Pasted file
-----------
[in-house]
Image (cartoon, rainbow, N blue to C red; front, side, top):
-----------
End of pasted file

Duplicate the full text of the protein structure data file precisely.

[in-house]
Image (cartoon, rainbow, N blue to C red; front, side, top):